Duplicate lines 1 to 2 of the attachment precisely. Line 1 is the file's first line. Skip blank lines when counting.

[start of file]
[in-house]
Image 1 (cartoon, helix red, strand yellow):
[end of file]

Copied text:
[in-house]
Image 1 (cartoon, helix red, strand yellow):